AIHW (Australian Institute of Health and Welfare) 2018. Child protection Australia: 2016–17. Child welfare series no. 68. Cat. no. CWS 63. Canberra: AIHW. Viewed 30 April 2021.
AIHW 2019. The views of children and young people in out-of-home care: overview of indicator results from the second national survey 2018. Cat. no. CWS 68. Canberra: AIHW. Viewed 30 April 2021.
AIHW 2020a. Child protection Australia 2018–19. Child welfare series no. 72. Cat. no. CWS 74. Canberra: AIHW. Viewed 30 April 2021.
AIHW 2020b. People with disability in Australia. Cat. no. DIS 72. Canberra: AIHW. Viewed 16 April 2021.
AIHW 2020c. Young people under youth justice supervision and in child protection 2018–19. Data linkage series no. 26. Cat. no. CSI 28. Canberra: AIHW. Viewed 30 April 2021.
AIHW 2021. Child protection Australia 2019–20. Cat. no. CWS 78. Canberra: AIHW. Viewed 18 May 2021.
FaHCSIA 2011. Transitioning from out-of-home care to independence: a nationally consistent approach to planning. Canberra: FaHCSIA.
- The child protection system
- Notification: Contact made to an authorised department by people or other bodies alleging child abuse or neglect, child maltreatment, or harm to a child.
- Investigation: The process whereby the relevant department obtains more detailed information about a child who is the subject of a notification received between 1 July 2019 and 30 June 2020. Departmental staff assess the harm, or degree of harm, to the child, and their protective needs. An investigation includes sighting or interviewing the child where it is practical to do so.
- Substantiation of notification: Child protection notification made to relevant authorities during the current year (for example, 1 July 2018 to 30 June 2019) that was investigated (with the investigation finalised by 31 August), and where it was concluded that there was reasonable cause to believe that the child had been, was being, or was likely to be, abused, neglected, or otherwise harmed. Substantiation does not necessarily require sufficient evidence for a successful prosecution, and does not imply that treatment or case management was provided. Substantiations may also include cases where there is no suitable caregiver, such as children who have been abandoned, or whose parents are deceased.
- Care and protection order: A legal order or arrangement that gives child protection departments some responsibility for a child’s welfare.
- Finalised third-party parental responsibility order: An order transferring all duties, powers, responsibilities, and authority to which parents are entitled by law to a nominated person(s) whom the court considers appropriate. The nominated person may be an individual, such as a relative, or an officer of the state or territory department responsible for child protection. Third-party parental responsibility may be ordered in the event that a parent is unable to care for a child, with parental responsibility then transferred to a relative, or other nominated person. Finalised third-party parental responsibility orders can be a long-term order or a short-term order.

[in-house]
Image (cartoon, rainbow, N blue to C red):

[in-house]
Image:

- Types of out-of-home care placements
- home-based care (accommodation in the home of a nominated and approved carer such as a relative/kin or foster carer)
- residential care (accommodation in a residential building with paid staff).
- independent living (accommodation as a private boarder or part of a lead tenant household with the department retaining oversight of their welfare)
- family group homes (accommodation in a home provided by a department of community-sector agency with live-in, carers who are subsidised or reimbursed for providing care)
- other (accommodation such as disability services, boarding schools, hospitals or hotel/motels) (For more information, see AIHW 2020a).
- Remoteness areas relate to the out-of-home care living arrangement, and not the remoteness area at notification.
- Disability status
- As disability is a multidimensional and complex concept, differences may exist across jurisdictions in how disability is defined, including which health conditions are classified as a disability. There are also differences in how information about disability is captured in jurisdictional processes and client information systems.
- In 2019–20, the Australian Capital Territory implemented a new system which does not currently capture ‘Not Stated’ for disability. Australian Capital Territory counts for ’Not Stated’ are included in the ‘No Disability’ category. The Australian Capital Territory is looking to re-introduce reporting of ‘Not Stated’ disability status in the future.
- Being admitted to out-of-home care
- Admissions includes all children admitted to out-of-home care for the first time, as well as those children returning to care who had exited care 60 days or more previously. Children admitted to out-of-home care more than once during the year were counted only at the first admission.
- Exiting out-of-home care
- The data for children exiting care include those who left care and had not returned in less than 60 days. Where a child exits care more than once during the year, the last discharge is counted
- Children who were discharged from care on their 18th birthday are included in the 15–17 age category.
- Type of care
- Where a child is placed with a relative who is also fully registered to provide foster care for other children, the child is counted in the ‘Foster care’ category for Victoria and the Northern Territory; the child is counted in the ‘Relatives/kin’ category in New South Wales, Queensland, Western Australia, South Australia, Tasmania and the Australian Capital Territory. Relatives/kin in some jurisdictions undergo assessment, registration and review processes similar to those for foster carers under the national definition and are considered as (relative) foster carers in local practice, policy and reporting.
- For Tasmania, data quality issues arising from inconsistent recording of placement types means numbers of children reported as being in residential, non-residential and other types of placements, should be interpreted with caution.
- In the Northern Territory, ‘Other home-based care’ includes children placed with family day care providers.
Return to Australia's youth: